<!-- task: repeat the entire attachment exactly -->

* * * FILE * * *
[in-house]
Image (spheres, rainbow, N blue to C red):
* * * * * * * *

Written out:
[in-house]
Image (spheres, rainbow, N blue to C red):